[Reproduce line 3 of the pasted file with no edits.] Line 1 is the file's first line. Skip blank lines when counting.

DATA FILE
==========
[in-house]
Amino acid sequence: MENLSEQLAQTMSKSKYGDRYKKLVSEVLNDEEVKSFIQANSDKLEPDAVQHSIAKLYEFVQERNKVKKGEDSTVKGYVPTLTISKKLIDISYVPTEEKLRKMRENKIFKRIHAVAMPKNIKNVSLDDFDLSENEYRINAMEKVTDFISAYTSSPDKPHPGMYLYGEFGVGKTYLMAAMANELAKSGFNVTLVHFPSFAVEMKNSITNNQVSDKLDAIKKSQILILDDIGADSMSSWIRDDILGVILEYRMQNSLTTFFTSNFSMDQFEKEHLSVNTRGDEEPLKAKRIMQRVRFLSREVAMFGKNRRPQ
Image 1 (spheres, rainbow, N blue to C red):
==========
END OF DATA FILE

Image 1 (spheres, rainbow, N blue to C red):